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Israel said pressing vaccine firms to speed up delivery in bid to avert shortage

Report says while pharma professionals back prioritizing nation to use it as a proving ground, board members fear anger in other markets will eventually hurt sales

File: A plane of the international courier company DHL, carrying over 100,000 doses of the first batch of Pfizer coronavirus vaccines, lands at Ben Gurion Airport near Tel Aviv, Wednesday, Dec. 9, 2020 (Abir Sultan/Pool Photo via AP)
File: A plane of the international courier company DHL, carrying over 100,000 doses of the first batch of Pfizer coronavirus vaccines, lands at Ben Gurion Airport near Tel Aviv, Wednesday, Dec. 9, 2020 (Abir Sultan/Pool Photo via AP)

Israel is holding ongoing talks with vaccine-making pharmaceutical companies Pfizer and Moderna to speed up the arrival of shipments to Israel, in an attempt to head off an expected shortage that will cause it to slow down its vaccination operations, TV networks reported Friday.

Channel 12 News cited a senior official in contact with medical firms as saying a deal had not yet been reached to get new doses to Israel early.

The report said a battle is being waged within pharma companies between professionals and board members: While scientists want to speed up deliveries to Israel, hoping to use its advanced and efficient healthcare system as a proving ground for the vaccines, management is concerned about complaints from other countries that the Jewish state is getting unfair preferential treatment. They reportedly fear this will hurt them later down the road in larger, more lucrative markets.

Related: Small wonder: How Israel rolled up its sleeves and became vaccination nation

Channel 12 and Channel 13 both said Israeli officials were engaged in a pressure campaign to convince the companies to prioritize Israel.

Unless there is a breakthrough, the country is expected to hold back on administering further first doses for several days, while focusing on providing second doses to those who’ve already received their first shot.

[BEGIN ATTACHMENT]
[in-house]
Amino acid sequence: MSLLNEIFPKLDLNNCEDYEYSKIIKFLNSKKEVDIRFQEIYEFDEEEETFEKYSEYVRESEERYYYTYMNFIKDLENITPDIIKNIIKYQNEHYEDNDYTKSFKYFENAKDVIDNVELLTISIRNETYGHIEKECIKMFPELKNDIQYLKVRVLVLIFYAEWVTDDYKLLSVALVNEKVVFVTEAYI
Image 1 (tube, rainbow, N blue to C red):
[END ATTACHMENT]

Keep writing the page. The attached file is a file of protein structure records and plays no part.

The network said Health Ministry officials believe the delay will at any rate be short, and that by the end of the month at-risk populations will be taken care of and the entire public will be able to begin vaccinating.

On Thursday Channel 12 reported that one million vaccines from Moderna will arrive in Israel next week, rather than in March as had previously been agreed, boosting dwindling supplies.

A health worker prepare a vaccination against COVID-19 at a Clalit vaccination center in Jerusalem, on December 31, 2020 (Olivier Fitoussi/Flash90)

The Health Ministry said it could not confirm the report. “We would like to clarify that as of now, we don’t have information about Moderna’s intention to move up the delivery of millions of vaccines to Israel,” the ministry said in a statement.

Later, the network cited sources in Moderna as insisting the shipment was ready and that its departure was only a matter of final approval. The report said Moderna officials were “surprised” at the ministry’s apparent denial.

The Moderna vaccine has not yet been used in Israel as part of its immunization program. The Health Ministry has not officially announced its approval for use in the country, but is expected to do so after the FDA okayed it for emergency use in the US.

Israel has reached a pace of 150,000 vaccine injections every day for the past several days, and on Friday officially passed one million vaccinations or some 11 percent of its population — far and away the world leader in vaccinations per capita.

The mass vaccination drive started at the beginning of last week and has so far focused mainly on healthcare workers, those aged over 60, and at-risk groups.

An Israeli teacher receives a COVID-19 vaccine, at Shamir Medical Center in Be’er Ya’akov, on December 30, 2020. (Avi Dishi/Flash90)

Its globe-leading vaccination drive has been attributed to various factors, including its relatively small but densely packed population and highly professional, community-integrated health services.

Israel is also currently in its third nationwide lockdown to contain the outbreak. It has reported more than 428,000 cases and 3,356 deaths since the pandemic began.

The drive currently uses the Pfizer-BioNTech vaccination, which requires two shots, spread three weeks apart. The Moderna vaccine is also a two-shot inoculation.

Though not yet available to the general public, some vaccination centers have been opening their doors to anyone who comes at the end of each day in an effort to make sure vaccine units available for immediate use do not go to waste. So far some 41% of over 60-year-olds have had their first shot, according to Health Ministry figures released Friday.

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